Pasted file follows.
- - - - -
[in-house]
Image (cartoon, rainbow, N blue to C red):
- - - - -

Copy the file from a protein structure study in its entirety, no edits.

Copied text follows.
[in-house]
Image (cartoon, rainbow, N blue to C red):